Trains can disappear mysteriously from timetables in the south-east but for the moment time travel is beyond the National Rail System of the UK.  Most rail passengers would settle for trains that ran punctually and fares that were pegged to no more than the rise in price inflation.  But if time travel was possible, more folks would remember the promises that accompanied rail privatisation, the confident boasts of soon to arrive modern, comfortable and punctual trains and claims about  cheaper prices.  All these improvements would be paid through investment undertaken by our dynamic private sector, said the Government and its eager profit hungry partners.   Pardon me if I whistle.  Pfeffel as much as anyone believed and believes this baloney.  He can even take the kids to Peppa Pig World and come away spouting absurdities about how civil servants would struggle to manage amusement parks for children.  I suppose, yes they would, as they are, well, civil servants.  We can give Pfeffel that one.   What we should not give credit to is the belief that the private sector created increased rail traffic.  That has been a consequence of increased urbanisation and of motoring becoming both expensive and difficult. 

The latest plan to invest in the railways has had a bad press but few of the critical journalists have compared the £96bn proposal with what has already been paid to the private rail companies.   Since 1995, when rail privatisation was introduced, 90% of all rail investment has been coughed up by the British taxpayer, known to you and me as mugs.   Transport experts warned that running a railway for profit would end in tears but they were ignored.   A little short-term subsidy for set up costs but the market will soon sort it out, said the government.   The initial 1995 plan was so inept that after five years the annual rail investment or public subsidy was doubled and it is still rising.  The average annual subsidy rail from 1995 until the present day is around £5bn a year.  Not quite the market deciding, one has to say.  Pfeffel has described the proposed £96bn expenditure as the biggest ever investment in rail ever undertaken by a British Government.  Some simple maths then, although not so simple for Pfeffel.   26 years at $5bn a year amounts to £130bn paid by British taxpayers since privatisation, all handed over to help risk averse companies to make profits.  The reward for all this cash has been reduced services and increasing prices.  Pfeffel believes that future long term investment below the levels that has created the existing rail chaos will transform the experience of British commuters.   At least he found his way out of Peppa Pig World. 

And, of course, it is easy to mock.   As my father used to say when I asked him for spare cash, ‘That’s a lot of potatoes, son.   Don’t spend it all at once.’  Managing £96bn is not easy.  Nor can it be denied that there have been some successes in the rail industry in the UK since 1995.  All of them, though, have been delivered by companies that are publicly owned.   Unfortunately, most belong to foreign governments.   Pfeffel takes pride in what he regards as his creative temperament, hence his disastrous decision to discuss Peppa Pig with the leaders of what is left of British business and industry.  It does not, though, need a Tolstoy or literary genius to spot the obvious.  Perhaps there is a place for competition in regional rail but the bids should be restricted to the publicly owned rail companies in the UK and Europe.  Then the trains might arrive on time.  Right now we need to get some Peppa Pigs out of the trough.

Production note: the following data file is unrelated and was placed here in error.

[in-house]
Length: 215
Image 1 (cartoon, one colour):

First, though, some more time travel.  Pfeffel won an election in 2019 by doing something he does rather well.  He promised the impossible, and us remembering his adroit sincerity has to put a smile on faces, especially in Northern Ireland.   In the beginning there would be a painless Brexit, then extra cash would be given to the North of England to help those poor folk up there create a competitive economy, and last but not least the affluent in the South would see their living standards rise and not even have to pay any extra taxes.  The inevitable has happened.   The elastic band has snapped, and those who collect that kind of thing are looking for it on a railway line somewhere between Leeds and Manchester.

Nothing has been more embarrassing than poorly briefed Tory spokespersons imitating the charge of the light brigade and arguing that the cancellation of the HS2 high speed link between Manchester and Leeds will make all rail travellers better off.   Actually there is something more embarrassing.   It is Nadine Dorries Secretary of State for Digital, Culture, Media and Sport attending a Parliamentary Committee this week and arguing that the public sector media organisation Channel 4 should be reviewed and evaluated against private sector alternatives.   Only one problem with that claim.  Channel 4 is not in the public sector.   Apologies, need to get back on track.  Not quite in the class of Nadine but still more than capable of tripping over their open mouths were the not so bright government defenders of the rail investment plan.  This is what has come out of some rather vacant faces.  Cancelling the HS2 link between Leeds and Manchester will free up funds to improve local rail services, those that connect towns.  This way, they said, there will be more local rail stations and more trains for pesky passengers trapped in the snowy wastes around the northern uplands.   To be fair to the government spokespersons they lasted longer than Nadine Dorries arguing black was white but not by much.